Chinese team reveals microrobot that could one day bioprint cells in the body

12 Aug 2020

Concept image of microrobots working on human tissue in the body. Image: © Spectral-Design/

In the future, microrobots placed in the body may be able to bioprint healthy cells to repair gastric wounds.

A proof-of-concept put forward by a team of researchers in China may pave the way towards science-fiction-like medicine. In a paper published to Biofabrication, the researchers from Beijing’s Tsinghua University said they have taken the first steps towards a new potential way of treating gastric wounds by using a microrobot.

The microrobot would be combined with another new concept called ‘in-situ in-vivo bioprinting’, whereby the robot would be placed into the body to treat gastric wounds. The robot would print healthy cells that could be applied directly to the wound site to repair the tissue.

The paper’s co-author, Prof Tao Xu, said that injuries to the gastric wall are a common problem in the digestive tract, with about 12pc of the world’s population experiencing such an injury to varying degrees.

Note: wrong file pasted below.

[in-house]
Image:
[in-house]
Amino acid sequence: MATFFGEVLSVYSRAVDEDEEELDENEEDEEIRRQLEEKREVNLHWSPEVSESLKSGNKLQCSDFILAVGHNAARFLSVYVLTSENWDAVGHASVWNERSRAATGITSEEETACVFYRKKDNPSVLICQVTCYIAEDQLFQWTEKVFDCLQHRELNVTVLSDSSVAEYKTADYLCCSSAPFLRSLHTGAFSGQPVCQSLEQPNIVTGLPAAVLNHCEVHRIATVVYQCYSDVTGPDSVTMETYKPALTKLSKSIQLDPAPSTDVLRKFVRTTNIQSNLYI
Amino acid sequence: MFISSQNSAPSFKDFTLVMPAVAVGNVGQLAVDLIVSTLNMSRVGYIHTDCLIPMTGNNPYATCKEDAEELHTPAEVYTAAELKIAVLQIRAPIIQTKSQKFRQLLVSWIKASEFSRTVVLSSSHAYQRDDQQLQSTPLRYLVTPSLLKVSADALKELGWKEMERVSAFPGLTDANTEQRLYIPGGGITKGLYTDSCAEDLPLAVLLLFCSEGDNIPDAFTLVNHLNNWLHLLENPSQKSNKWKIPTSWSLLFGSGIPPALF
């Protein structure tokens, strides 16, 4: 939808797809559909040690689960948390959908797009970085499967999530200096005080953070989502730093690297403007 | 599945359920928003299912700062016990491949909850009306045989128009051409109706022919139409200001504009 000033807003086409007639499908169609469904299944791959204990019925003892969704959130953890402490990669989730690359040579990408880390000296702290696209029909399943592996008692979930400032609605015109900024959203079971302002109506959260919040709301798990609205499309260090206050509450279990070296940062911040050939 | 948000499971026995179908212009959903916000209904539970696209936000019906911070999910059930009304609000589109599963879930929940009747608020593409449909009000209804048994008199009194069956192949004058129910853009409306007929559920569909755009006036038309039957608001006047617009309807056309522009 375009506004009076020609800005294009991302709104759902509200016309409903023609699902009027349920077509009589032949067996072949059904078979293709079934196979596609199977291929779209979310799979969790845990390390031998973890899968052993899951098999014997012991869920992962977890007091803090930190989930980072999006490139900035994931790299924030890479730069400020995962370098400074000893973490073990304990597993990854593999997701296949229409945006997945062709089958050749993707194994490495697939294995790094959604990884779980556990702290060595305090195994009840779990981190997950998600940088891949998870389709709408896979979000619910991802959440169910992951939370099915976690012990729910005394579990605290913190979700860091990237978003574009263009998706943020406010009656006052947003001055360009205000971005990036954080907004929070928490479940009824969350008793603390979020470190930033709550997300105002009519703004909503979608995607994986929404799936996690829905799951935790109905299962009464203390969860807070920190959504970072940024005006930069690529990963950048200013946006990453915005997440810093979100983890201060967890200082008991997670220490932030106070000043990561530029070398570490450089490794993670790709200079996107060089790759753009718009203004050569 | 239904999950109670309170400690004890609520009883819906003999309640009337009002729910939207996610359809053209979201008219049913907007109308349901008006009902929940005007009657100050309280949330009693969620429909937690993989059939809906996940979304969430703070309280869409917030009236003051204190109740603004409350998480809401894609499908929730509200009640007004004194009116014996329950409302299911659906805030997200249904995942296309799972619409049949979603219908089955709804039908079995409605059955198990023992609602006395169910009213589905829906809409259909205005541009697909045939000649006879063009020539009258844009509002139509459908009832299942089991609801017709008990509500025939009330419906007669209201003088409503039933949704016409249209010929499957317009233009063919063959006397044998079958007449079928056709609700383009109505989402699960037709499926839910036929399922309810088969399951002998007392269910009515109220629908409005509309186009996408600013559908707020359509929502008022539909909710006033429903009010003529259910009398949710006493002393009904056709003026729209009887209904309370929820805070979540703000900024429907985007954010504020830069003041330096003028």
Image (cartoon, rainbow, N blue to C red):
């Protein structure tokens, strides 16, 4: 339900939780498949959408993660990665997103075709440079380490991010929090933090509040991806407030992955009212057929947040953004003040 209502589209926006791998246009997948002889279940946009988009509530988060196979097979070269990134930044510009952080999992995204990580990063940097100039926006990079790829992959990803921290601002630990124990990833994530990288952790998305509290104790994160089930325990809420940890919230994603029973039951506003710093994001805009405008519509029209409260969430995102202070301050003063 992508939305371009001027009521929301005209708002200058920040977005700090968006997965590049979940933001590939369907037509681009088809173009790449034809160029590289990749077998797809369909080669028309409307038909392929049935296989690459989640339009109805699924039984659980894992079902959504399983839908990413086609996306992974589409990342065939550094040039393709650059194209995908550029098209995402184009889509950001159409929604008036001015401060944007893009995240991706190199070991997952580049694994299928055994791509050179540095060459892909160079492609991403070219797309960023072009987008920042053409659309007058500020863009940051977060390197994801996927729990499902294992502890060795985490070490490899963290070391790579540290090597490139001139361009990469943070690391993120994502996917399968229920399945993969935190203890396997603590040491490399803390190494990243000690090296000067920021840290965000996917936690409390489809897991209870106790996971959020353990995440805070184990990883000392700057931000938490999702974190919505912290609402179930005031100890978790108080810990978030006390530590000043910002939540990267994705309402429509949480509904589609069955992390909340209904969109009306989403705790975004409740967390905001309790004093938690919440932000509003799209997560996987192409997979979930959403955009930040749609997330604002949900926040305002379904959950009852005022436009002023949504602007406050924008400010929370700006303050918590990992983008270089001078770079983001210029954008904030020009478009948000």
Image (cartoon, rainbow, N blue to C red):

“The difficulty is that current bioprinting technology focuses on external sites,” he said.

“Bioprinters are normally quite large, and cannot be applied to inner tissue repair without invasive surgery to give enough room for the printing operation. To overcome this, we developed a microrobot that enters the body via an endoscope to carry out tissue repair inside the body.”

Folds for easier entry

The microrobot was developed from a ‘delta robot’ and is composed of a fixed base, moving platform and three identical kinematic chains. To be as minimally invasive as possible, it can fold itself down when entering the patients’ body, then unfold before beginning the bioprinting operation.

PhD student Wenxiang Zhao said the concept was tested in two different ways, the first of which used a model of a human stomach and mimicked the robot’s insertion process, with help from an endoscope, and the printing process.

“Second, we carried out a bioprinting test in a cell culture dish to test how effective the device was at bioprinting viable cells and repairing wounds,” he said.

“Both tests showed promising results. A 10-day cell culture showed that printed cells remained at a high viability and a steady proliferation, which indicated good biological function of the cells in printed tissue scaffolds.”

Xu said that this study has helped verify the concept as being feasible, but more work needs to be done to bring it to full realisation. This includes reducing the size of the bioprinting platform and developing bio-inks.

Colm Gorey was a senior journalist with Silicon Republic